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“All these opportunities were thrown at me and I knew I had to grab them.”
Marlen Rosas CC’14 found her calling earlier than most students at the College. After taking Latin American Civilization II at Columbia her first year, she fell in love with the region and knew she wanted to focus her academic interests there. A first-generation college student of Ecuadorian and Puerto Rican descent, Rosas attributes her decision to major in Latin American and Caribbean studies partly to her heritage and partly to her interest in historical research — a decision that has led her on the path to a Ph.D. program in history, which she will begin this fall at the University of Pennsylvania.
During the second semester of her sophomore year, after the urging of the teaching assistant from her Latin American Civilization class, Rosas applied and was accepted to Columbia’s Mellon Mays Undegraduate Fellowship Program (MMUF), a program that provides valuable research training, faculty mentorship and financial support for undergraduate students who wish to pursue a Ph.D. and a career in the professoriate, and whose intellectual and social commitments embody those of the late Dr. Benjamin Mays. As a Mellon Mays fellow, Rosas received financial support from the program for two summers and four semesters of research. For three months during the summer following her sophomore year, Rosas was able to conduct research on indigenous movements in Latin America; so began her first brush with academia. “It was great because I had the freedom to do what I wanted,” Rosas says. “I read about practically every country in Latin America and their indigenous movements.”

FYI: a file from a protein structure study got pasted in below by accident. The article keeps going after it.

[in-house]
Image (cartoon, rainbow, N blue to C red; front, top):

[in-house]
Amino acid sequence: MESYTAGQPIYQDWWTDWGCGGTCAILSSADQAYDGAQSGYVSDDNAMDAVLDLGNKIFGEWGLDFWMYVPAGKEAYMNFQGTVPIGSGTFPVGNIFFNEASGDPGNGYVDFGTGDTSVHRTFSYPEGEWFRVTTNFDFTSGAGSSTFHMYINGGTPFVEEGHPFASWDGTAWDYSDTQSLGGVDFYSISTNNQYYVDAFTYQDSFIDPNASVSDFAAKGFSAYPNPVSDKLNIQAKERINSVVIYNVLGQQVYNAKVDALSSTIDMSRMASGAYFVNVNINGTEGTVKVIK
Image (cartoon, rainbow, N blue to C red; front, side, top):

Rosas, along with the other fellows in the Columbia chapter of MMUF, was an advisee of Carl Hart, associate professor of psychology; Jarvis McInnis, the program graduate assistant and an English literature doctoral student who was also a Mellon Mays fellow as an undergraduate at Tougaloo College; and Hazel May, senior associate dean of Academic Affairs, a team that Rosas says formed an “unbelievable support system, especially this past fall semester as I went through the stresses of applying to graduate school.” Fellows in the program start the academic year with either a week-long research workshop for rising juniors or a week-long GRE workshop for rising seniors, and then continue to meet weekly with the three coordinators in order to discuss their research, learn about the academy and prepare for graduate school in a multitude of ways.
Sparked by her MMUF-supported research during the summer of 2012, Rosas’ growing interest in indigenous peoples in Latin America led her to Chile in the spring of her junior year through a study abroad program, SIT Chile: Cultural Identity, Social Justice & Community Development. Based out of Valparaiso, the program included a half-semester of structured classes and a half-semester in which Rosas conducted field research on the historical relationship between the Mapuche and the Chilean state. While conducting research, Rosas was also given the opportunity to live with the Mapuche community of Llaguepulli in the Lago Budi territory of southern Chile .